Powell foresees U.S. departure sooner than expected from Iraq

May 31, 1991|By New York Times News Service

SARSANG, Iraq -- Gen. Colin L. Powell, chairman of the Joint Chiefs of Staff, toured the Turkey-Iraq border area yesterday and said he hoped that U.S. troops could be withdrawn from the region "more rapidly than we had expected or could have anticipated a few weeks ago."

"I think we are over the hump, and we're making great progress," he told reporters.

General Powell said he was pleased that many of the nearly 2 million Kurdish refugees who fled Iraq last month had returned to their homes.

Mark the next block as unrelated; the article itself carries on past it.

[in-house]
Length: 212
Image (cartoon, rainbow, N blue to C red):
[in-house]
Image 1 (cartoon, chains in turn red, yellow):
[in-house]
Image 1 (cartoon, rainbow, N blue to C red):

He said the United States could offer the returning Kurds no "concrete guarantees" of security, but added, "If the Kurds feel secure enough to leave our security zone and go back to their homes, then that's a significant indication."

The general warned the Iraqi government of President Saddam Hussein against attacking the Kurds again.

"We have to make it absolutely clear, in every way possible to the leadership in Baghdad, that the international community is watching, that the international community will be measuring Baghdad's actions in the weeks ahead," he said.

"It would not be in the interest of the government in Baghdad to return to this area in force or in an aggressive way which would threaten these people and cause them to fear for their lives again."

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